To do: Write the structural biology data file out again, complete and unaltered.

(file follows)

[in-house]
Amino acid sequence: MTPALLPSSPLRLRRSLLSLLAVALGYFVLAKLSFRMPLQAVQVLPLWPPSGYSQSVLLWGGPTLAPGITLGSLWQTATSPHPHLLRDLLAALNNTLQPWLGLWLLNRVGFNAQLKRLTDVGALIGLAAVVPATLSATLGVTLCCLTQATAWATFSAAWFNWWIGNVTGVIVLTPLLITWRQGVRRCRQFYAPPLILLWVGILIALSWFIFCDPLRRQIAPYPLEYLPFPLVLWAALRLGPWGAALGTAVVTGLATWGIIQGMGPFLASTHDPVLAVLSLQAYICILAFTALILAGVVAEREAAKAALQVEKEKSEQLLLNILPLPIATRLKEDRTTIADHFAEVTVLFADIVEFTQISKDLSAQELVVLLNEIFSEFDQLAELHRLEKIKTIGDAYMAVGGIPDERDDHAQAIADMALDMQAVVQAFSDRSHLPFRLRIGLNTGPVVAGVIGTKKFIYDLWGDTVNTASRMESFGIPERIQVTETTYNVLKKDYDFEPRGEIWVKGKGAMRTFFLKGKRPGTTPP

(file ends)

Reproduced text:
[in-house]
Amino acid sequence: MTPALLPSSPLRLRRSLLSLLAVALGYFVLAKLSFRMPLQAVQVLPLWPPSGYSQSVLLWGGPTLAPGITLGSLWQTATSPHPHLLRDLLAALNNTLQPWLGLWLLNRVGFNAQLKRLTDVGALIGLAAVVPATLSATLGVTLCCLTQATAWATFSAAWFNWWIGNVTGVIVLTPLLITWRQGVRRCRQFYAPPLILLWVGILIALSWFIFCDPLRRQIAPYPLEYLPFPLVLWAALRLGPWGAALGTAVVTGLATWGIIQGMGPFLASTHDPVLAVLSLQAYICILAFTALILAGVVAEREAAKAALQVEKEKSEQLLLNILPLPIATRLKEDRTTIADHFAEVTVLFADIVEFTQISKDLSAQELVVLLNEIFSEFDQLAELHRLEKIKTIGDAYMAVGGIPDERDDHAQAIADMALDMQAVVQAFSDRSHLPFRLRIGLNTGPVVAGVIGTKKFIYDLWGDTVNTASRMESFGIPERIQVTETTYNVLKKDYDFEPRGEIWVKGKGAMRTFFLKGKRPGTTPP